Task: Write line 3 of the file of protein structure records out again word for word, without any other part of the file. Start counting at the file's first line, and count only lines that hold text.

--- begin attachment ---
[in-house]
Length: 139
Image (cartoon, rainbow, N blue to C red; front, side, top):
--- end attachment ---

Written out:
Image (cartoon, rainbow, N blue to C red; front, side, top):